Third, it will have a vastly improved focusing system over my current cameras. This is the #1 reason I am excited about this camera. My BIF keeper rate is quite low with my 5DSR (not built for action, I know.) but I still use it because when it does click the resolution is quite stunning. You can see veins in eyes, every detail of fur or feather, etc. Also this focusing system will lock in on and track moving subjects significantly better than what I have today. Again, this will make my hobby/passion so much more fun when my keeper rate goes up in difficult situations from 10% or so to something significantly higher.

Fourth, FPS is a massive bump from what I have today. Again, paired with a significant improvement in focusing system this will make a huge difference in catching unique wing positions, activities, etc. with wildlife. More shots equals more activity to pick from.

Fifth, though I am not positive on all of these, I assume there will be significant improvement over what I have today in the areas of DR and ability to use extenders. I have 600MM f4 vII lens and neither of my cameras work well with the 1.4x extender and are unusable with the 2x extender. Bringing both of these into play in my set up will really extend my reach way beyond what I have today for still subjects and will help a lot with moving subjects.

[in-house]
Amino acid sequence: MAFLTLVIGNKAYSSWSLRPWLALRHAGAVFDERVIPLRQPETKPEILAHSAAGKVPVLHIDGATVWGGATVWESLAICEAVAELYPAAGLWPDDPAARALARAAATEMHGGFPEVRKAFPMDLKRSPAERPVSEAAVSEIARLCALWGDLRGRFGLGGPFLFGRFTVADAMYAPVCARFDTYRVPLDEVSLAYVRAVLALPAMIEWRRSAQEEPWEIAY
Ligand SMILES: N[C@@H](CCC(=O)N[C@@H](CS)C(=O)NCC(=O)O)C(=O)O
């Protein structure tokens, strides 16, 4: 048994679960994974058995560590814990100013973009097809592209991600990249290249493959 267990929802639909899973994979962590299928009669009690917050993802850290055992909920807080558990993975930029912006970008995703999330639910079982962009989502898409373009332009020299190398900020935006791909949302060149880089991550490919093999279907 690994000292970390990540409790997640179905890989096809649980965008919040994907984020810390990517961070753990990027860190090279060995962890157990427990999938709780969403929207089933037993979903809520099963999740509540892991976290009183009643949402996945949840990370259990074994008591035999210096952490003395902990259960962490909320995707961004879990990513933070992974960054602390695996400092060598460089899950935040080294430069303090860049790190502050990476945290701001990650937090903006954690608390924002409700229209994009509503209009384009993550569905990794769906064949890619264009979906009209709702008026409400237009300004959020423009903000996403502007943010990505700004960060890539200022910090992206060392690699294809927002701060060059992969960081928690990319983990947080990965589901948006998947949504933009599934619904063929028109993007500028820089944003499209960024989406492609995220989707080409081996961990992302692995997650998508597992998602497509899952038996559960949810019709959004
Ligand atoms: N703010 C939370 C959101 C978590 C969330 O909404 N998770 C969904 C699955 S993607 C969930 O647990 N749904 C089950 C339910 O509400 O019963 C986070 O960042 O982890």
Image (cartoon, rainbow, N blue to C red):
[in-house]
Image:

All of the above will be true for other sports and action photographers that either want a second body for their 1DXMIII or are ready to switch to mirrorless for a lighter/cheaper setup with most of the same features. And you get more than 2X resolution!

I will be near the front of the line to purchase this camera when it comes out. Now onto the higher resolution mirrorless for my landscape work! More MPs, tilty-flippy screen, lighter, better DR!

Chris Hill's picture

The 2080 Ti will handle 8K footage pretty well. The concern is the combination of the 2080 Ti PLUS needing a high-end CPU... PLUS 64GB of RAM.... Now we're just so far outside the budget of most Creatives. But again, not everyone is going to buy this to shoot in 8K.

Przemek Lodej's picture

I'm in the same boat. I am a photographer. Not a film maker, not a video shooter. Strictly photographer. Even if I did shoot film no way would I ever need to shoot at 8K, or even at 4K. The marketing push for technology is ridiculous. None of my friends have a 4K TV, and that's roughly some 30 people. There is no media that delivers this fidelity. Streaming? Questionable. I wish Canon would give us a R5 without all of the insane video capabilities and lesser price. I'd love to upgrade my 5D MK III, but why would I spend $5000 on gear that would only be used to 50% of it's capabilities?

Rayann Elzein's picture

You don't know what you're talking about. People don't shoot 8K to broadcast in 8K. Mostly it's to allow the flexibility of reframing/cropping in post. And the fact that your 30 friends don't own a 4K TV is not really representative of the world population now, is it?

If you're strictly a photographer, there's nothing wrong with the 5D Mark III. Upgrade with a Mark IV if you want. Or a R5, which will for sure also have great stills qualities. Nobody forces you to use the video functions.